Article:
|Joana is providing counselling to a mother on the importance of breastfeeding. |
“This is my third baby. I breastfeed him, but I’m not sure about how often and when I should stop breastfeeding,” Imaculada says to Joana.
Joana physically examines the mother and her baby and provides the necessary guidance. “I didn’t know the importance of exclusive breastfeeding and that my son needs it until he is six months old,” says Imaculada. “I didn’t exclusively breastfeed my two older children. I wish I knew this information before,” Imaculada continues regretfully.
The journey of a field worker
On a typical day, Joana starts by visiting door-to-door, meeting parents, caregivers and pregnant women, and providing guidance and counselling. Since 2003, Joana has been promoting breastfeeding in remote villages of Timor-Leste as part of the Mother Support Group (MSG) initiative, established by the Alola Foundation with UNICEF assistance,
The concept of the Mother Support Group emerged in 2003 as a cost-effective measure and an extension of government services in the context of Timorese children’s fragile health and nutrition.
“I was keen to join the Mother Support Group when I heard that the district public health officer was looking for a volunteer. I learned many things, particularly about issues that related to women’s health and how to motivate people,” Joana continues. “Most women at that time had no confidence to speak in public, especially in front of men,” says Joana.
“After nominated as a member of a Mother Support Group, I received training about basic issues related to breastfeeding − how it works, and the importance of colostrum and the promotion of exclusive breastfeeding for six months,” Joana recounts, describing her journey.
A change agent touches many lives
“With the Liquica Health Service, we, members of the Mother Support Group, visited homes once in a week or mothers used to meet in my aldeia (area). We discussed various topics such as the importance of early breastfeeding, colostrum, exclusive breastfeeding for six months, and its advantages for mothers’ and babies’ health with mothers and community members,” Joana says.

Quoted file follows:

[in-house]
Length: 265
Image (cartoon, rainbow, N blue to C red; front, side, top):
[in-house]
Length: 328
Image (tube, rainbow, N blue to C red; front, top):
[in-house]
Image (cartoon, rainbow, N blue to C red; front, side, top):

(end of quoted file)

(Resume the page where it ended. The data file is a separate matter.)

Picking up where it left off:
Joana also often visited mothers at home who were dealing with breastfeeding problems such as swollen breasts or having difficulty attaching their new-born babies to the breast. “I used to spend time with the mothers to identify the problem and help them. Sometimes, I had to visit the mother over a few days to ensure that she and her baby were doing well,” explains Joana.
|Joana is explaining to a mother about the importance of |
giving complementary food to her child
beside regular breastfeeding until the age of 2 years.
“I often receive calls to help with medical conditions related to deliveries,” Joana says, describing her current work. “I often help the patient to send a health facility. Sometimes, the mother or her family refuses to go to the hospital. In that case, I call the local midwife to assess the mother’s condition and assist the delivery at home,” Joana says while talking about her present work.”
A supportive family
Eusebio Carvalho dos Santos (48), Joana’s husband, has supported Joana all the way. Eusebio is a police officer in Liquica. He often extends a hand to Joana and her team during critical situations such as organising an ambulance for a critical patient in time. Not only that, but he also shares the household chores with his wife to allow her to have more time to work. “I would not be able to do all this without the support of my husband and family. Often I ask for my husband’s help for urgent issues such as sending patients to the hospital as communication is a major challenge in remote areas,” says Joana with pride.
|Eusebio Carvalho dos Santos (48), a supportive husband and caring father, |
always stand by with Joana. ©UNICEF Timor-Leste/2017/dmonemnasi
Moving forward with a dream
Joana has been working with the Alola Foundation since 2003, and was promoted from a volunteer to a Field Officer for her commitment and dedication. “In the early days, one of the major challenges of my work was to convince mothers and caregivers to breastfeed exclusively for the first six months. In Timor, people start giving other food, such as sasoro, local fruits, etc. to children before they are six months old, causing stomach upsets and leading to malnutrition,” laments Joana. She continues with concern, “sometimes people don’t give children the best food for their development needs at the right time; this means without proper nutrition children can suffer from malnutrition.”
“I want mothers, especially young mothers, to look after their health better, which would contribute to improving the overall nutrition of the next generation,” Joana says with hope. With hard work and dedication, Joana earned respect and love of her peers.
Thanks to the valuable support of the European Union, with the assistance of UNICEF, the Ministry of Health has set up Mother Support Group in five municipalities this year and providing much-needed nutrition services to the children and mothers.
By Dr. Carla Jesuina do Carmo Quintao
Health Officer, UNICEF Timor-Leste